Tag: poetry

Forced Rhymes and How to Avoid Them

What is a “Forced Rhyme?”

Have you ever written a poem, only to be told that the rhymes sound “forced,” but didn’t know exactly what that meant? It can be confusing, because a “forced rhyme” may be any one of a number of different things. All of them, however, can make a poem less enjoyable to read. So, to improve your poetry as much as possible, you’ll want to learn how to avoid each of the various types of forced rhymes.

Rearranging a phrase to put the rhyme at the end of the line

Probably the most common type of forced rhyme is where the poet says something in an unnatural way in order to make the line rhyme. For example, take a look at this couplet:

Whenever we go out and walk,
with you I like to talk.

Now, in normal, everyday English, you would never say “with you I like to talk.” Instead, you would say “I like to talk with you.” And yet, some poets will write this unnatural way in order to force the lines to rhyme with one another; hence the term “forced” rhyme.

How to Host an Open Mic Poetry Party

Having an open mic poetry party is a great way for kids to showcase their talent while encouraging them to keep writing.  Whether the children are budding poets, stand-up comedians, or just need some practice with public speaking, in a few simple steps you can provide everyone with a fun way to enjoy live poetry!

Step One: Decide on a Venue

Think about the type of party you’d like to host.  Will it be a small gathering of friends, perhaps for a birthday or special occasion?  Is it for your class, scout troop, or youth group?  The size of the group, as well as the purpose of the party, will help you determine your venue.

There are many different places that would be great for an open mic night/party.  Libraries have meeting rooms or sometimes stages that can be reserved for free or very low cost.  Book stores and coffee shops often host open mic nights and poetry readings.  Rooms in schools and churches can also provide a nice space.  Even just your own living room can work well for small groups.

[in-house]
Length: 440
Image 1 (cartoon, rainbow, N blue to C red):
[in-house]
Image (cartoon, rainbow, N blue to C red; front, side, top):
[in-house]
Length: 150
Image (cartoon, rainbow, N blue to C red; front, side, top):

Once you decide on a space, you’ll have to call ahead and book it, as sometimes locations require reservations weeks or even months in advance.

How to Make a “Found Poem”

Visual artists sometimes talk about using “found objects” in their artwork. In other words, they collect interesting things during the course of a normal day (such as bus tickets, objects from nature, or a toy found on the street) and then find a way to incorporate those objects into their artwork.

Did you know that you can do the same thing with language? A “found poem” is created by collecting interesting text from the world around us and then using those words to make a poem. When you create poetry this way, you are acting like a documentary filmmaker—using scenes from real life to tell an interesting story.

Here are three simple and fun ways to create “found poetry” from the language that is all around you.

Winning Rhymes

Check out the winning poems from the 2012 TFK Poetry Contest

Santino Panzica, winner of the 2012 TIME for Kids Poetry Contest

From www.timeforkids.com: More than 1,000 kids entered this year’s TIME For Kids Poetry Contest. Poet Kenn Nesbitt chose the winners. “I had an amazing time reading the poems,” he says. All the winners will receive a copy of Nesbitt’s book of poetry The Tighty Whitey Spider. Click here to watch a video of the funny poet read one of his own rhymes for TFK.

Ready for a chuckle? Click here to read these silly rhymes from this year’s winners.

Kids Hummingbird Poetry Contest

HummingbirdDo you like hummingbirds? Do you like writing poems? Would you like to win a prize? Hummingbird-guide.com is hosting their second annual Kids Hummingbird Poetry Contest here.

The contest is open to kids ages 6-12. Winners will receive a free hummingbird feeder. The deadline for submissions is September 30, 2012 and winners will be announced October 31, 2012.

But there’s no need to wait. You can submit your own original hummingbird poem now. Good luck to you!

An Interview with Steven Withrow

Podcast

Subscribe to this Podcast

Steven Withrow

Children’s Poet and Poetry Advocate, Steven Withrow